Cry: ifconfig vs IP

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Cry: ifconfig vs IP

Postby 874512 » 2017-07-05 08:19

I've been using Debian for a long time and netinstall has a its own place in my heart. But this is a bit of a cry because both the good and de bad must be told.

I started a new virtual server, just a little thing for a personal project, something that should be done in less than a single afternoon and tried the latest Debian 9 like "hey, the best distro, I don't have to deal with annoying packages :D ", this goes along with a rivalry to arch and manjaro :twisted: .

but this is a cry and the subject gives you the hint.

I started configuring interfaces and I couldn't find ifconfig, my old reliable and well known ifconfig... gone :shock: .no program, no man no apropos-fu. So I read the patch notes and it's deprecated in favor of IP due to it's lack of support. No problem, I understand, I installed net-tools and kept using ifconfig and left learning IP for another day. (hooray Debian team for keeping a reliable system). But I start researching and I find that almost 95% of the manuals I've read in the later years in which ifconfig has been deprecated or going to be in a short time, still use ifconfig to set up networks. Furthermore Debian manuals for network configuring still use ifconfig. Damn you Debian managers, why don't you update your manuals before letting them rot in oldness. it's just the logical order, update first the manual (bonus points for starting by saying that ifconfig is old and unreliable) and then kicking it off the package list).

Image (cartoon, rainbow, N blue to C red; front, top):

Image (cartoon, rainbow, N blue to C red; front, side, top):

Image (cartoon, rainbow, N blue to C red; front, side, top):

Wo, a big cry post. I don't want to be known as a crybaby so my part is going to be this: How do I have to do to update the manuals, both in English and Spanish (my mother language)??. Also whatever discussion grows from here is going to be welcome. Have you find out reading the patch notes?, or a story similar to mine? am I right, or just a cry nobody should care

Yours trully
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Re: Cry: ifconfig vs IP

Postby acewiza » 2017-07-05 11:48